• How can I get the results to my LIMS system?

AutoDil will allow you to export the consolidated results to a text file so that this can be transferred to your LIMS systems. AutoDil can also be used with the CSols Links for LIMS interfacing application to directly transfer the result data.

Instruments & Software

  • What instruments does the HPLD and AutoDil support?

It is planned to support all ICP and ICP-MS instruments models from all vendors. Delivery of different versions will be staggered once full testing has been completed. Please speak to a Teledyne CETAC representative to get an update on the release of different versions.

  • Will AutoDil run on a Windows XP based Workstation?

Yes, AutoDil will run on Windows XP.


  • How much time am I likely to save using Autodil?

There are substantial savings from using AutoDil. These can be divided into productivity savings from better use of the instrument and those from less analyst time per run.

Instrument productivity
Laboratories often perform smaller runs during day shifts, preparing and scheduling larger runs overnight when the laboratory is not manned. So that when samples are over range they will still need analysing in the morning. As AutoDil automatically runs the over range samples when unattended so that:

  1. The instrument is ready first thing in the morning for further analysis. This saves the instrument dead time while manual dilutions are carried out and means urgent samples can be scheduled immediately in the morning.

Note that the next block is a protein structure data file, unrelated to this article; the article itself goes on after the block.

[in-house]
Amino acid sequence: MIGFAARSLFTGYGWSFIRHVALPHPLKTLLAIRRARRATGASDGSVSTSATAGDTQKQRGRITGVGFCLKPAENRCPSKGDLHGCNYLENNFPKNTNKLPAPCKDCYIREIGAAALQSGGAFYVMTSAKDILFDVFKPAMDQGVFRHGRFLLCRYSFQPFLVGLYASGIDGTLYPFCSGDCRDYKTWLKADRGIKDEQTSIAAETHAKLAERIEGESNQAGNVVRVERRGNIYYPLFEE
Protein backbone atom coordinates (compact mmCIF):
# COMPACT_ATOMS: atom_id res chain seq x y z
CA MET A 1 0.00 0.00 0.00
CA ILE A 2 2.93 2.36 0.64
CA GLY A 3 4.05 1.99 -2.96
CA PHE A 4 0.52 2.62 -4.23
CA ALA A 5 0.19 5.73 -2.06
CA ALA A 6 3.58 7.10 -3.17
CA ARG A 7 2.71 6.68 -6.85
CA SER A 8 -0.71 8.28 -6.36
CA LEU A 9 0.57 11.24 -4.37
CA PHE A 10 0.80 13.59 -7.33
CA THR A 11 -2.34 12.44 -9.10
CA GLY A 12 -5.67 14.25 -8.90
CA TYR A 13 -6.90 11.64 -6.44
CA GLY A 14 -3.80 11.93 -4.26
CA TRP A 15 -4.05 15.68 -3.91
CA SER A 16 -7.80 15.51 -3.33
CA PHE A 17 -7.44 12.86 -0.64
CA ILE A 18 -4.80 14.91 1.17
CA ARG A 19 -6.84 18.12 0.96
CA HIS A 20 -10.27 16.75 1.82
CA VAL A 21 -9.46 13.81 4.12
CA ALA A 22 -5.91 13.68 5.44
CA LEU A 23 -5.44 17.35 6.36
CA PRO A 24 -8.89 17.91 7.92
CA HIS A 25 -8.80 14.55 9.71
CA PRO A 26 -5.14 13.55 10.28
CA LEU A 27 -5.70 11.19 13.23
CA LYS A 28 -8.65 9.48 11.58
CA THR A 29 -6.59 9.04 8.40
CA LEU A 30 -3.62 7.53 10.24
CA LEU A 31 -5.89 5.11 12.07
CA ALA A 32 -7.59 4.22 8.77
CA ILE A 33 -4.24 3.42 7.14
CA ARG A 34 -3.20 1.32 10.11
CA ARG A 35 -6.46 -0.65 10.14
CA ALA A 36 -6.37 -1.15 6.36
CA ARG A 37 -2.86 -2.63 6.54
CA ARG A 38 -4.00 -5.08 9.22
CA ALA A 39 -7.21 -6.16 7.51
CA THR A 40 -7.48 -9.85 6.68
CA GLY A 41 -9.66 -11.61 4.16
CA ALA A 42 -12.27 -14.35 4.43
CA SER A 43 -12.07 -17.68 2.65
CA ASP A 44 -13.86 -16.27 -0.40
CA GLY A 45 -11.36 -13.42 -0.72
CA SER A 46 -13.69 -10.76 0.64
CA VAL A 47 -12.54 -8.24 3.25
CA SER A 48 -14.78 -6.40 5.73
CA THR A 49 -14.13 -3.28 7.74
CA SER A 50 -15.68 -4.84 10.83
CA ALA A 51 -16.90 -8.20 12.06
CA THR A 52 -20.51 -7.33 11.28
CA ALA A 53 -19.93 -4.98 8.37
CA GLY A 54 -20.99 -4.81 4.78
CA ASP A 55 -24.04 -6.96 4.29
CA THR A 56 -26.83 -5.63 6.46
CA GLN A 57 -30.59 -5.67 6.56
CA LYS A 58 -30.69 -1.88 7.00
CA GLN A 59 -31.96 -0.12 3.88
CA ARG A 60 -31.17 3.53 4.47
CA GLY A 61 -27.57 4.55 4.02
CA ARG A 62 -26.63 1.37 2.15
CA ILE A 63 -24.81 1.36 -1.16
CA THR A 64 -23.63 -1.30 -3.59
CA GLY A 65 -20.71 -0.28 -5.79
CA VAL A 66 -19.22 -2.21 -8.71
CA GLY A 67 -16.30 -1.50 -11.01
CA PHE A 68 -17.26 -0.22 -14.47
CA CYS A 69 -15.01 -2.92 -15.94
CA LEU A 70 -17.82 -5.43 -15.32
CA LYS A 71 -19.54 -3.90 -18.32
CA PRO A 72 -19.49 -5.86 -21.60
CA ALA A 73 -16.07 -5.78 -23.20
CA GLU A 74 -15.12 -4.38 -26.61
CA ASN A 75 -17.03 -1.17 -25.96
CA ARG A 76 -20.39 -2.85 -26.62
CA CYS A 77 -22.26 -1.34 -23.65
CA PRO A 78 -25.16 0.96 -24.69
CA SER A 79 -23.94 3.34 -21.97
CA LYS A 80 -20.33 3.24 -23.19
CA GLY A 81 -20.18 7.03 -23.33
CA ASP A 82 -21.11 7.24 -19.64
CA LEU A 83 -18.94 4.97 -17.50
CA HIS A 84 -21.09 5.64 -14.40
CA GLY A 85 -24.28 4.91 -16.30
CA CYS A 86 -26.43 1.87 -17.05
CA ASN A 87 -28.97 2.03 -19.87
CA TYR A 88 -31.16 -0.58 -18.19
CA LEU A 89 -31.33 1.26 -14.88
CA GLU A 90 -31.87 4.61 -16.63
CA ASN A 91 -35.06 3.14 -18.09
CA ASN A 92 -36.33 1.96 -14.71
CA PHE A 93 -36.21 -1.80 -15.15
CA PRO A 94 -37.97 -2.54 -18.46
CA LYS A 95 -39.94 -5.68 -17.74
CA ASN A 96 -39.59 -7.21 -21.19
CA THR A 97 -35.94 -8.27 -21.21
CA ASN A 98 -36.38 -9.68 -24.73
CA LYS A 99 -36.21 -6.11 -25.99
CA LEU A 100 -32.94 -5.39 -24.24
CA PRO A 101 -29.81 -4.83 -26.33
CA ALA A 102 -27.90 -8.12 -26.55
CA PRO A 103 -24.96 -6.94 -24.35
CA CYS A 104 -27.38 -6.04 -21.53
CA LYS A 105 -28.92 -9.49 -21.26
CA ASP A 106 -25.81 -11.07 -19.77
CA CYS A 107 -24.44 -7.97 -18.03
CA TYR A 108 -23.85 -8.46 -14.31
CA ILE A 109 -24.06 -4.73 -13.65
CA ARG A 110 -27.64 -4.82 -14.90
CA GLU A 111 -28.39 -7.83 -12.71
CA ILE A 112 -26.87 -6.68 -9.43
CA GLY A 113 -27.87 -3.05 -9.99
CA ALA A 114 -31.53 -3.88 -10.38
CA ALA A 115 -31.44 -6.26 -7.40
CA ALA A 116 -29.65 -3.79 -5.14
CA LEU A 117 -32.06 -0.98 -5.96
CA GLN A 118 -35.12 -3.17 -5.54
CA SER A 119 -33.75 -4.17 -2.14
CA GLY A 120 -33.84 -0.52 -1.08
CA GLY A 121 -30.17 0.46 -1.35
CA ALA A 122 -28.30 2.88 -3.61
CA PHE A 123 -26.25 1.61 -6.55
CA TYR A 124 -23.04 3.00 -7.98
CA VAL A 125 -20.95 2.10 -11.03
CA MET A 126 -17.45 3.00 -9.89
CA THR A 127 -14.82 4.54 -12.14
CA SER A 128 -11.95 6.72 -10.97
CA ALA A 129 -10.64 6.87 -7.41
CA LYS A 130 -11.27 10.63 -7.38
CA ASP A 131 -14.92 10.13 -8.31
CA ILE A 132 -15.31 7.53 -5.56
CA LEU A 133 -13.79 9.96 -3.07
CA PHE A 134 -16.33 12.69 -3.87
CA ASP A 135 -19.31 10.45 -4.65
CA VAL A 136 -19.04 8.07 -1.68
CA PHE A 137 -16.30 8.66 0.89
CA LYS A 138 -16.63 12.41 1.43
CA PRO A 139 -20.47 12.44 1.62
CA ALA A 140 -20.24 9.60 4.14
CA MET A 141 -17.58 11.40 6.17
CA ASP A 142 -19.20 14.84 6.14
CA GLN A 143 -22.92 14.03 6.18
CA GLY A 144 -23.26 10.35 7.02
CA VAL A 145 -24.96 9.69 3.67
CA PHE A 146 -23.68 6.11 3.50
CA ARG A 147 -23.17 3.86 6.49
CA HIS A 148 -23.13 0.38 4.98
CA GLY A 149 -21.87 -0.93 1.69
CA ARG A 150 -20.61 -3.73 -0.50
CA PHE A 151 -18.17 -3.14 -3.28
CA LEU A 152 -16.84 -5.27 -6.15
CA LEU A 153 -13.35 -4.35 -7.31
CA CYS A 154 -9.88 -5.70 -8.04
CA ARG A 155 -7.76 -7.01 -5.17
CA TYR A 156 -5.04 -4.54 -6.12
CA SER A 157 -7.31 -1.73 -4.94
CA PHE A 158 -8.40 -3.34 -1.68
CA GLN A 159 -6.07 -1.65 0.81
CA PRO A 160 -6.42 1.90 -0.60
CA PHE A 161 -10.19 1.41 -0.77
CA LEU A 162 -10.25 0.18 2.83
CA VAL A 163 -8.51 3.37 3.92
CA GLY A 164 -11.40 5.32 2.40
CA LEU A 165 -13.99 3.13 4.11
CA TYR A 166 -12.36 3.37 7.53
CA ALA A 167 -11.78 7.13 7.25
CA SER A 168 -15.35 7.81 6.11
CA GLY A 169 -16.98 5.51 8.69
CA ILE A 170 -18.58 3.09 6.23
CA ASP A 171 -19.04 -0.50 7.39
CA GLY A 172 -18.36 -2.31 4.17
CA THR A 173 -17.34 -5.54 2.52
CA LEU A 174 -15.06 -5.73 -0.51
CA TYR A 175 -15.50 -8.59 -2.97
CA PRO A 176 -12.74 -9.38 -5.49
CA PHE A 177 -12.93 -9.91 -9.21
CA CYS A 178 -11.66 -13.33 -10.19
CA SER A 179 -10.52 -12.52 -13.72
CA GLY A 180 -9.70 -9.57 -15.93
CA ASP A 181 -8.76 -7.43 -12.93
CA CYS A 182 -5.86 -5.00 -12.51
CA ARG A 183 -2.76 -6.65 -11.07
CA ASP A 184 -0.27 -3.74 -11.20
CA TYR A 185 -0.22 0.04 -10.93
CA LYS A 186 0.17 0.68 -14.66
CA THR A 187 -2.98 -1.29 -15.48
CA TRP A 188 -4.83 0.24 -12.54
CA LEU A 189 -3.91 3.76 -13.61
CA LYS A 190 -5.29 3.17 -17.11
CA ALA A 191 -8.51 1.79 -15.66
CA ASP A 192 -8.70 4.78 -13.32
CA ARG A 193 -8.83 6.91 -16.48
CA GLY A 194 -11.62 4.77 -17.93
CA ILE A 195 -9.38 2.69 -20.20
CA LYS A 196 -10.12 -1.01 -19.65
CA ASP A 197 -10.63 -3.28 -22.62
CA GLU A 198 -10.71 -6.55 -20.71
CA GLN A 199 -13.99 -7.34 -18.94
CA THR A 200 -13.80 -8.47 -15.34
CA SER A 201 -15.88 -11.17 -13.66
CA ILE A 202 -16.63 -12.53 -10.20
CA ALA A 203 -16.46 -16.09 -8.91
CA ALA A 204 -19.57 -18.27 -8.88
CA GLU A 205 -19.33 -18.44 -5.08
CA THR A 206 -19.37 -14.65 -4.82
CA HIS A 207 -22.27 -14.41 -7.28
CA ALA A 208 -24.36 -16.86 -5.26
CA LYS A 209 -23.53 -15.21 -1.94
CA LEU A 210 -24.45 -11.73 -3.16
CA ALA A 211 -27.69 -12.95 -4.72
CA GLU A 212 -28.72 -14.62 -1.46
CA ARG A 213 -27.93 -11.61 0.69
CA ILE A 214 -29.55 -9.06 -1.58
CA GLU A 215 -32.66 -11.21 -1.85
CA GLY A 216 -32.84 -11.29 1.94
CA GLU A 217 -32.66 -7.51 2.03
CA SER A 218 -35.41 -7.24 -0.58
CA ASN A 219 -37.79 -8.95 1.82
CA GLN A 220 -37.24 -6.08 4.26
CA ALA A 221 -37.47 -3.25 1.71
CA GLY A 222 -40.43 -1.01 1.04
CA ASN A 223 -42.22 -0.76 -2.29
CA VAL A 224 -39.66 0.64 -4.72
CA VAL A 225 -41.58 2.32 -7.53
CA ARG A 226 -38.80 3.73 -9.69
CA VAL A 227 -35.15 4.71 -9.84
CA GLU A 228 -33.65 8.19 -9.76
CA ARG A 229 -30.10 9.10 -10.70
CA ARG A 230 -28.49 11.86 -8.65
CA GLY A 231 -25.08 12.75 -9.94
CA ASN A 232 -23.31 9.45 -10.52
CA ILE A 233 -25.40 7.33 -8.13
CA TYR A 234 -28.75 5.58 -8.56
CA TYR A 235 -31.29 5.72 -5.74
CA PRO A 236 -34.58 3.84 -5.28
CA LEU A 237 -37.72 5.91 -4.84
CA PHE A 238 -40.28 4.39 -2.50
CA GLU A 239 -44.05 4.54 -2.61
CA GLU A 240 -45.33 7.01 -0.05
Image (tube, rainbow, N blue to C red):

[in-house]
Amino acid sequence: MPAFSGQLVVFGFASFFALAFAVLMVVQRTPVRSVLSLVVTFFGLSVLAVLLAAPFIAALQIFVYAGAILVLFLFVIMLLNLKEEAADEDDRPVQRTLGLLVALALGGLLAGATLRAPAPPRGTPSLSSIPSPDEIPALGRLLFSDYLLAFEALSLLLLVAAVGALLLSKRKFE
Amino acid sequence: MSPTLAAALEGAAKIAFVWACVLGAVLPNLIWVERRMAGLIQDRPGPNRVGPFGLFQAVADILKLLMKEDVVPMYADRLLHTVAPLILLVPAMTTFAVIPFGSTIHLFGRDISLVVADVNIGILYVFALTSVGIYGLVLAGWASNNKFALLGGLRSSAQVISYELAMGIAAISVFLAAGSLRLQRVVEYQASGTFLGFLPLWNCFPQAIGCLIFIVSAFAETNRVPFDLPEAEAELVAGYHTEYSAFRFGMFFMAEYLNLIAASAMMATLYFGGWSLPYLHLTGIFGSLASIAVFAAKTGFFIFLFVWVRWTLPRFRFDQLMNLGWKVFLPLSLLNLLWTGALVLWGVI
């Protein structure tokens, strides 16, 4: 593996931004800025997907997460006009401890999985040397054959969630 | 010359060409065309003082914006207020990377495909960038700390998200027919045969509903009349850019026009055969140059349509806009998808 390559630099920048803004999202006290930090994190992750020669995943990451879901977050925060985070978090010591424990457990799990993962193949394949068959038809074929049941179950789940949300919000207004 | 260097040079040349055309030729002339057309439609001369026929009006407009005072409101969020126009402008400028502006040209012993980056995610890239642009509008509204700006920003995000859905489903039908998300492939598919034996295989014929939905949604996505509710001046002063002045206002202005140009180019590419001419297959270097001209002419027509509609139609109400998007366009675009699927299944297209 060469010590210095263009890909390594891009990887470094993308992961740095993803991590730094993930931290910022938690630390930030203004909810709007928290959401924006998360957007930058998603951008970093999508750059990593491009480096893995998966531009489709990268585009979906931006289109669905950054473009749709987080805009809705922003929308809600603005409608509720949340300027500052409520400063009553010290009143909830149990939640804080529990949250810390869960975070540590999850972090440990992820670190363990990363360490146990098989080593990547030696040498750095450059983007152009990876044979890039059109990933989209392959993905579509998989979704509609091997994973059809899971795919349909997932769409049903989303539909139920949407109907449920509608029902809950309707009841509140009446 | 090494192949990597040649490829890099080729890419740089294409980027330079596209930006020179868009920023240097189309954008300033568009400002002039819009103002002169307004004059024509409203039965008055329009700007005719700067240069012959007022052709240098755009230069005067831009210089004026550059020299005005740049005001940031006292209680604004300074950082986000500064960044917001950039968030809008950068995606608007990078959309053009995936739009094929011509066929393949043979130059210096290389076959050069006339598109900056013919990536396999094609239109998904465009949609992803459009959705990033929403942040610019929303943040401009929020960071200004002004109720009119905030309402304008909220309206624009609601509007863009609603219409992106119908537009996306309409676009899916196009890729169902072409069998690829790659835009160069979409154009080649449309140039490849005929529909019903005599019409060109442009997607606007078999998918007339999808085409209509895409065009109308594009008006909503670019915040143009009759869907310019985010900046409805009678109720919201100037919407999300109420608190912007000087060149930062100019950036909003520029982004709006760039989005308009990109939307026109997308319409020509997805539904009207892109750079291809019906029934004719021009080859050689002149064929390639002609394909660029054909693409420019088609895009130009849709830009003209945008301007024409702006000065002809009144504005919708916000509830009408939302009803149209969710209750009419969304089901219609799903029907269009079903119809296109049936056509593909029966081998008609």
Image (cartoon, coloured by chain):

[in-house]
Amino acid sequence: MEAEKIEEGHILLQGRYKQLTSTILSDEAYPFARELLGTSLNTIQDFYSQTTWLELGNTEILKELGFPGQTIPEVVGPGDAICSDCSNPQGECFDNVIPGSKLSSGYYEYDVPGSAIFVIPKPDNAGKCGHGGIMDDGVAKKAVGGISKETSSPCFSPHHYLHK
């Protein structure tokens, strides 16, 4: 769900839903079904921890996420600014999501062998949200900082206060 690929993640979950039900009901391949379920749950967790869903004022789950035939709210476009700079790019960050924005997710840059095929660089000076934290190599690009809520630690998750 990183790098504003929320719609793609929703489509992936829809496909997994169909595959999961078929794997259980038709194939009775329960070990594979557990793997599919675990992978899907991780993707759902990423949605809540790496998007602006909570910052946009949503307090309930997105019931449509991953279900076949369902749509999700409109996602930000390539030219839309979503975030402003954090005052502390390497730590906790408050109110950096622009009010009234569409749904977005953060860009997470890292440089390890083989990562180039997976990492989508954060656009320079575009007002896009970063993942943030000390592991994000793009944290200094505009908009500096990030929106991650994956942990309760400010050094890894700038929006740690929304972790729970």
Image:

2. Results from the overnight run can be released immediately in the morning. This will considerably reduce turnaround times (TAT).

Analyst time
AutoDil replaces the following manual steps
i) Review the sample results from the original run to find the over range samples and calculation of dilution factors
ii) Re-Preparation of the over range samples by removing the sample tubes and preparing the dilutions
iii) Replacing the newly prepared samples in a new autosampler tray or back in the original autosampler positions
iv) Resetting the sample queue or creating a new queue using the original sample details

Depending upon the sample types analysed and industry this may take several hours per instrument run. The analyst time saved by using AutoDil can therefore be diverted into more analysis, increasing productivity and decreasing TAT.

Case studies showing examples of productivity gains will be made available in due course.

Further logic

  • I always analyse samples in duplicate and want to be able to schedule the HPLD system to repeat the sample analysis by performing a third replicate if there is a >10% difference between the initial duplicate result values?

This is not currently possible using AutoDil but we are planning to introduce new logic functions to AutoDil to allow this to take place and so save value time and resources.

  • Can I flag unusually high sample concentrations with AutoDil?

This is not currently possible with AutoDil, but the CSols Links for LIMS software can be used to flag results that are not over range but are above a certain threshold.

  • Can I get AutoDil to automatically repeat samples with unusually high sample concentrations?

This is not currently possible using AutoDil but we are planning to introduce new logic functions to AutoDil to allow this to take place and so save value time and resources.

  • Can I automatically repeat my AQC samples?

This is not currently possible using AutoDil but we are planning to introduce new logic functions to AutoDil to allow this to take place and so save value time and resources.

  • Can I stop the instrument run if my AQC’s are outside the action limits (>+ or – 3SD)?

This is a much more complex requirement as it requires access to AQC limit values. However while this is not possible at present we are planning to introduce new logic functions to AutoDil to provide this